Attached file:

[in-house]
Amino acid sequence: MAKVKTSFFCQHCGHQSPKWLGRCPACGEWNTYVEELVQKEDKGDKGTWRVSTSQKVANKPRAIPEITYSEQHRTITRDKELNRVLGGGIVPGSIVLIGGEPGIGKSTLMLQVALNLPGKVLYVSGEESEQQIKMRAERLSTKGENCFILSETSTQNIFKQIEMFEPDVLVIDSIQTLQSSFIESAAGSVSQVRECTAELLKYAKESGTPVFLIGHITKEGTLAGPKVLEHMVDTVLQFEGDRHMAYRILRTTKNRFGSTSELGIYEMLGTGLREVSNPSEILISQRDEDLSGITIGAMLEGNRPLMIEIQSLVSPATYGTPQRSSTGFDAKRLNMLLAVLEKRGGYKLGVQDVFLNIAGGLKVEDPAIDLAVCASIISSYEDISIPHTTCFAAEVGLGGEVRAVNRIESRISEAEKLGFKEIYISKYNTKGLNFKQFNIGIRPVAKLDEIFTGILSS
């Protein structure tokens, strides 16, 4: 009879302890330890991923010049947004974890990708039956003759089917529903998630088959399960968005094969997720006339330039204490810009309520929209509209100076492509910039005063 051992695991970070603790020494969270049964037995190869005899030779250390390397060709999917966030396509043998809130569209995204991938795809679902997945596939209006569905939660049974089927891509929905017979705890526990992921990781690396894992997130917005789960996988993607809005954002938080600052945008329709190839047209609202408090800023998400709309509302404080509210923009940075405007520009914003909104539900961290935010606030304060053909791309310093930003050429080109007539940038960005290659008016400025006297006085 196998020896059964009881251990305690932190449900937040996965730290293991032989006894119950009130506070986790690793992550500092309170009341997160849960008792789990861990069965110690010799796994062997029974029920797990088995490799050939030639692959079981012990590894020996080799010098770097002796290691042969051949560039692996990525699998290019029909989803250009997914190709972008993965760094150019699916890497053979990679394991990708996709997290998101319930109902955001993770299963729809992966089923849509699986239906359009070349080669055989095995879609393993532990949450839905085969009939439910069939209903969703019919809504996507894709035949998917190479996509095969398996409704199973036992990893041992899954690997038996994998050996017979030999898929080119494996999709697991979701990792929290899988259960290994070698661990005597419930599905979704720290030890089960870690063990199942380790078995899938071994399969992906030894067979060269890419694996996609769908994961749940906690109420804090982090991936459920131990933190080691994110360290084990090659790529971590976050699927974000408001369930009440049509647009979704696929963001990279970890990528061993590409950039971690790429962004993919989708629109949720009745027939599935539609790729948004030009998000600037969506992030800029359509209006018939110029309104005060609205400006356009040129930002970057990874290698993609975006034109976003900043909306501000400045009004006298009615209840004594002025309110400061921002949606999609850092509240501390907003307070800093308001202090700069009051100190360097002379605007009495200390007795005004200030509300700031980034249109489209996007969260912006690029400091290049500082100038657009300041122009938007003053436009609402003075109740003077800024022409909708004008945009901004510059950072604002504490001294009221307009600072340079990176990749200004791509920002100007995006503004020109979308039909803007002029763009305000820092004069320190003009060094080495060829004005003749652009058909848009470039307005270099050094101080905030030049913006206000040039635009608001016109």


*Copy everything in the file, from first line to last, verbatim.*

[in-house]
Amino acid sequence: MAKVKTSFFCQHCGHQSPKWLGRCPACGEWNTYVEELVQKEDKGDKGTWRVSTSQKVANKPRAIPEITYSEQHRTITRDKELNRVLGGGIVPGSIVLIGGEPGIGKSTLMLQVALNLPGKVLYVSGEESEQQIKMRAERLSTKGENCFILSETSTQNIFKQIEMFEPDVLVIDSIQTLQSSFIESAAGSVSQVRECTAELLKYAKESGTPVFLIGHITKEGTLAGPKVLEHMVDTVLQFEGDRHMAYRILRTTKNRFGSTSELGIYEMLGTGLREVSNPSEILISQRDEDLSGITIGAMLEGNRPLMIEIQSLVSPATYGTPQRSSTGFDAKRLNMLLAVLEKRGGYKLGVQDVFLNIAGGLKVEDPAIDLAVCASIISSYEDISIPHTTCFAAEVGLGGEVRAVNRIESRISEAEKLGFKEIYISKYNTKGLNFKQFNIGIRPVAKLDEIFTGILSS
């Protein structure tokens, strides 16, 4: 009879302890330890991923010049947004974890990708039956003759089917529903998630088959399960968005094969997720006339330039204490810009309520929209509209100076492509910039005063 051992695991970070603790020494969270049964037995190869005899030779250390390397060709999917966030396509043998809130569209995204991938795809679902997945596939209006569905939660049974089927891509929905017979705890526990992921990781690396894992997130917005789960996988993607809005954002938080600052945008329709190839047209609202408090800023998400709309509302404080509210923009940075405007520009914003909104539900961290935010606030304060053909791309310093930003050429080109007539940038960005290659008016400025006297006085 196998020896059964009881251990305690932190449900937040996965730290293991032989006894119950009130506070986790690793992550500092309170009341997160849960008792789990861990069965110690010799796994062997029974029920797990088995490799050939030639692959079981012990590894020996080799010098770097002796290691042969051949560039692996990525699998290019029909989803250009997914190709972008993965760094150019699916890497053979990679394991990708996709997290998101319930109902955001993770299963729809992966089923849509699986239906359009070349080669055989095995879609393993532990949450839905085969009939439910069939209903969703019919809504996507894709035949998917190479996509095969398996409704199973036992990893041992899954690997038996994998050996017979030999898929080119494996999709697991979701990792929290899988259960290994070698661990005597419930599905979704720290030890089960870690063990199942380790078995899938071994399969992906030894067979060269890419694996996609769908994961749940906690109420804090982090991936459920131990933190080691994110360290084990090659790529971590976050699927974000408001369930009440049509647009979704696929963001990279970890990528061993590409950039971690790429962004993919989708629109949720009745027939599935539609790729948004030009998000600037969506992030800029359509209006018939110029309104005060609205400006356009040129930002970057990874290698993609975006034109976003900043909306501000400045009004006298009615209840004594002025309110400061921002949606999609850092509240501390907003307070800093308001202090700069009051100190360097002379605007009495200390007795005004200030509300700031980034249109489209996007969260912006690029400091290049500082100038657009300041122009938007003053436009609402003075109740003077800024022409909708004008945009901004510059950072604002504490001294009221307009600072340079990176990749200004791509920002100007995006503004020109979308039909803007002029763009305000820092004069320190003009060094080495060829004005003749652009058909848009470039307005270099050094101080905030030049913006206000040039635009608001016109």